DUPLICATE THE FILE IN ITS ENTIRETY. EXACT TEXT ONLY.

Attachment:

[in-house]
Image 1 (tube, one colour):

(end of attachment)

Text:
[in-house]
Image 1 (tube, one colour):